- Sambal Belachan (chili condiment)
- Char Koay Teow
- Buah Melaka
While most of the dishes are made together as groups, each person will get to make their own individual Char Koay Teow (Shrimp & Noodle Stir Fry)
Not everyone got to make the Buah Melaka. It was not included in the menu for the day. However, Nazlima does not kick you out at the end time of the class. If you have time to linger and she has some extra ingredients around, she will show you something else and that is how I got to make this dessert, with freshly grated coconut we picked up from the market. It also utilized fresh pandan leaves.
Most of the class was part of a group. They had to leave to stay on schedule (one of the reasons I dislike organized tours) and then it was just 4 of us remaining. It was a great opportunity to learn so much more Malay culinary history and knowledge from her. She is a treasure trove of information.
Although she has menu’s posted on her website, you can request special items or special menu’s.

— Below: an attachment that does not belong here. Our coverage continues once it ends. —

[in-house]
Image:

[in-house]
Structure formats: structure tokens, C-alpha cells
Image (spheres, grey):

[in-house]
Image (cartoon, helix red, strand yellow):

Nazlina, Chef Instructor Extraordinaire
Nazlina was such a great chef instructor and went above and beyond. When we mentioned that we were planning on visiting one of the night markets that evening, she told us the one that we mentioned was usually just full of tourists and overpriced. It’s better to go to one of the rotating local ones. Different days they rotate to different locations.
After we asked, she kindly said she would call us at our hotel later and let us know where to go that evening for the night market. About an hour later, she came back in person to tell us where to go and also told us which bus and how to get there.
Additionally, my friend was having some foot problems. Her feet were quite swollen (she’s diabetic). Nazlina took her to the Chinese herbalist and because she knew what to ask for, helped my friend with a special tea blend.
This definitely was not in her role as chef instructor. She is the best host and will gladly share any information about navigating Penang with you.